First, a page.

The role of marital status and age on men's and women's reactions to touch from a relational partner

Alesia Hanzal, Chris Segrin, Sybilla M. Dorros

Research output: Contribution to journalArticlepeer-review

12 Scopus citations


Prior research has consistently documented differences between men's and women's reactions to being touched by other people. One of the more interesting findings in this literature is the apparent role of marital status in dramatically altering these sex differences in reactions to intimate touch. Unmarried men tend to respond more favorably to intimate touch than unmarried women do, but this difference is reversed among married people. However, research that documented this effect has potentially confounded marital status with age. Participants in this investigation were 305 adults, ranging in age from 18-69. They completed an extensive survey of their reactions to touch to various body regions from a significant other. Results indicated that men had uniformly more positive reactions to intimate touch than women did. For non-intimate touch, the sexes were more comparable in their reactions. This investigation once again documented a disordinal sex by marital status interaction. Unmarried men had generally more positive reactions to touch than unmarried women did and this pattern was reversed among married participants. When statistically controlling for participants' age, these interactions were still evident.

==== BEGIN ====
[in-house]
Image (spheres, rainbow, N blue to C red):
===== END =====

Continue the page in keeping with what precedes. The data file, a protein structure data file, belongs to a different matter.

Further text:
Original languageEnglish (US)
Pages (from-to)21-35
Number of pages15
JournalJournal of Nonverbal Behavior
Issue number1
StatePublished - Mar 2008


  • Age
  • Body regions
  • Intimacy
  • Marital status
  • Reactions to touch
  • Sex differences
  • Touch

ASJC Scopus subject areas

  • Social Psychology


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